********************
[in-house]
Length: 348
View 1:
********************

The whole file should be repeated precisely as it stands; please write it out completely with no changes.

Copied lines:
[in-house]
Length: 348
View 1: